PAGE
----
I already covered the first ever YA Novel a while ago, and was recently wondering which book is classed as the First Novel of any kind in the English language*? How easy is it to pinpoint such a milestone from so long ago? Turns out it depends on what you class as a novel, and there is a lot of argument about it…
So to fit the description, a novel has to be written with the intention to print. It has to be wholly original, not a retelling (which knocks out ‘Le Morte D’Arthur’ – pub.1485) and must be of a certain length (so you can scrap novellas). Apparently the old Romance novels and anything allegorical are out (bye-bye, ‘Pilgrim’s Progress’ – pub.1678).
So what does that leave?
Well, there are two main contenders…
ROBINSON CRUSOE | Daniel Defoe
From this moment I began to conclude in my mind that it was possible for me to be more happy in this forsaken, solitary condition that it was possible I should ever have been in any other particular state in the world.From Robinson Crusoe
Everyone has heard of this tale of the adventures (and misadventures) of a sailor, featuring pirates, shipwrecks and cannibals. And that’s amazing in itself because it was first printed as long ago as 1719! It’s become one of the most widely published books in history and is probably the first book of realistic fiction. The author was originally listed as Robinson Crusoe, so people believed it was a personal account.
One of my favourite authors, JG Ballard, wrote a modern version (‘Concrete Island’), where the desert island is cleverly replaced by a concrete one in the middle of a high-speed highway.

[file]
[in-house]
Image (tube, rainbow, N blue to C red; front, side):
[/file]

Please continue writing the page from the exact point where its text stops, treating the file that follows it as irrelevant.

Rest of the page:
BEWARE THE CAT | William Baldwin
He tolde of his adventure in the wood, and when he had tolde them all the Cats message: his Cat which had harkned unto the tale, looked upon him sadly and at the last said. ‘And is Grimmalkin dead then farewel Dame’, & therwith went her way and was never seen after.From ‘Beware of the Cat’
Nowhere near as well known, but much older, this witty, scathing satire on Catholicism has talking cats as the main characters and is thought to even be a shortening of ‘Beware the Catholic’! The plot alludes to witchcraft and religious superstitions, with a female cat called Mouse-Slayer on trial. There was a long delay in printing because famous catholic, Mary Tudor, came to the throne – It was not a great book to publish if you wanted to keep your head!
If you know your British history, Mary Tudor was a heck of long time ago, and ‘Beware of the Cat’ was finally published in 1570, when Elizabeth I was on the throne.
Little known fact: One of the cat characters had the cool name of ‘Grimalkin’ – an archaic term for ‘grey cat’, and Shakespeare named the witches’ cat in Macbeth after Baldwin’s feline.
Here’s a modern retelling of the book from messybeast.com
What do you think?
I am favouring Beware the Cat as the first ever novel in English as it was published a whole 150 years before Robinson Crusoe. At the same time, absolute credit to Daniel Defoe for creating a work that has retained its appeal for centuries… Hats off to you, sir!
*Incidentally, the First Novel ever written in the whole world is thought to be The Tale of Genji, written by a noblewoman named Murasaki Shikibu in Japan in the early eleventh century. More here
Cover Image Credit: Kerttu (Pixabay)
Footer Image: Me